Huge thanks to Holly from PitterPatterPither for contributing her experience:
I’ve just finished negotiating with my boss about my return to work after my maternity leave, and alongside that some flexibility in my working days and hours. It wasn’t easy, and to be honest I didn’t get completely what I wanted from the outset, but with transparent and regular dialogue, we got there in the end. I guess the key thing I have learnt from all of this is, as it says on the tin, ‘a negotiation’. A little backwards and forwards will no doubt be necessary. Don’t be disheartened if you don’t get what you want first time, be confident in your initial request and be honest with yourself about how far you are willing to push it.
Here are my top seven tips on how best to negotiate a flexible return to work after taking an extended period of leave to look after your child.
1. Make a plan in advance: I know you want to enjoy every moment of your maternity, paternity or adoption leave, but I promise you getting a plan in place early will allow you to relax into being a parent. Going back to work is stressful enough without having a decision like this hanging over you.
2. Write it all down: Whether you end up speaking to your boss in person or not, whatever you do make sure you write it all down. This is a very important decision that will no doubt effect your future employment contract, best to get a written record of everything, even conversations over email that may seem irrelevant to the negotiations. This is especially important in case things go pear shaped.
3. Think about what skills you offer to your workplace: Begin by clearly identifying the key skills and experience that make you valuable to your employer. If you’ve been away from the workplace for some time, identify what new skills you may have acquired during your leave. Pull out your recent appraisal forms and highlight your strengths, as well as what you have brought to the business during your time there. It’s time to showcase why you’re so great and how having you back on your terms is significantly better than not having you back at all.
4. Think about the impact on others, not just on you and your family: Yes I know you are negotiating ‘your’ flexible working hours, but spend some time considering the potential impact of your working arrangement on your work colleagues and your boss. If you can show your boss you are doing what’s right for the business too, you will have a much easier conversation.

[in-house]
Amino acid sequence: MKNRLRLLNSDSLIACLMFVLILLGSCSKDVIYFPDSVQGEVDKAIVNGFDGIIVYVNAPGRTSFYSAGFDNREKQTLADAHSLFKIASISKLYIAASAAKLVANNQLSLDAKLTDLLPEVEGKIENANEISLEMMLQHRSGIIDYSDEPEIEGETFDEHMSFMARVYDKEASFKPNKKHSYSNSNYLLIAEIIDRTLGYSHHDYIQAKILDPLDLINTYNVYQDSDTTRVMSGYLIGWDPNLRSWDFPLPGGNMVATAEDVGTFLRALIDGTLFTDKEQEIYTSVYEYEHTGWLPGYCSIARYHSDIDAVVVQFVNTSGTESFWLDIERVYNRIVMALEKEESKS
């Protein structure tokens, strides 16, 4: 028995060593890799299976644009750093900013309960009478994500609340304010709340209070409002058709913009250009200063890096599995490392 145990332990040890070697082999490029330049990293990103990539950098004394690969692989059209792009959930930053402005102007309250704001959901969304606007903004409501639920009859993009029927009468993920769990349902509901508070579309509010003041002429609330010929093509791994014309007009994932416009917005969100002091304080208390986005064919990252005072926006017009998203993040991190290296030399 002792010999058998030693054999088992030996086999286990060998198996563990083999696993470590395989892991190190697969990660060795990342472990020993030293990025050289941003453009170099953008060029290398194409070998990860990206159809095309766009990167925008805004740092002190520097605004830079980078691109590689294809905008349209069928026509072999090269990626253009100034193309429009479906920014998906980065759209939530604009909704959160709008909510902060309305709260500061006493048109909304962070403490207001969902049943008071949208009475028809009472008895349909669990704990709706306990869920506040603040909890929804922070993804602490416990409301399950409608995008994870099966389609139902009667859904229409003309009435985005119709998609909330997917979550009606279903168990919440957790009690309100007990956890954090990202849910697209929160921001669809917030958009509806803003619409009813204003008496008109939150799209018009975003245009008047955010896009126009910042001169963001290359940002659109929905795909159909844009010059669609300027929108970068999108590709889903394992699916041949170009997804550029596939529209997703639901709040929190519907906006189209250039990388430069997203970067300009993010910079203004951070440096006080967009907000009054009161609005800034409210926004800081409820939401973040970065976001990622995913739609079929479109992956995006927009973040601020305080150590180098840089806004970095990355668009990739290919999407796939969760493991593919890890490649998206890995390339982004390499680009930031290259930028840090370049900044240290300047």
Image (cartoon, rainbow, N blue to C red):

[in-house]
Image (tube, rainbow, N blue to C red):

5. Be open and honest: There is no point in saying what you think they want you to say and then later regretting it. Be honest and explain to your boss what you think you need for a good work/ life balance. Likewise if you feel your employer is being unfair tell them. This is no time to be a wall-flower.
6. Don’t just expect they will just give you what you ask for: They don’t call it negotiating for nothing! Make it clear that whilst you have a preferred option, you’re open to negotiation. Find a suitable middle ground and don’t be worried if there is a lot of back and forth, this is a big decision.
7. If all fails, why not try something new: If I have learnt anything whilst being on maternity leave, it is that this time is a time to think. It is also a time to reevaluate. Remember you’re under no obligation to stick with the organisation you left (obviously be aware of the rules around leaving and having to pay back your maternity pay). If your current role doesn’t end up working, perhaps it’s time to take the plunge and move on.
Finally, some good resources that might be of assistance:
If you need to speak to a HR or legal expert about what your rights are, or you are worried about how your work is treating you, then join the #Workitout forum. It’s a free space to chat to professionals and get advice and guidance. It is set up by Pregnant then Screwed and Mother Pukka and is relevant to everyone looking to work flexibly (men, women, those with children and those witout).
The NCT website has some useful tips on flexible working.
CareeringIntoMotherhood on Facebook helps mums find new flexible roles if you feel the time is right to move on, or if you are returning to work after a career break.
Holly Pither is a new mum to baby Amelia and similarly new to the blogging world. She started her blog when she first went off on maternity leave. Unlike many of her friends, Holly was very fearful of going off on maternity leave, scared about losing her identity and panicked about just being mum. She writes all about the trials and tribulations of maternity leave and finds it very therapeutic. In her day job Holly is a PR associate director at an agency in Oxford, England. She loves her job and she loves her baby. It is her belief that all parents can love both their kids and their career and, with the right flexibility, neither should suffer.
Follow Holly’s blog at PitterPatterPither and on Twitter and Instagram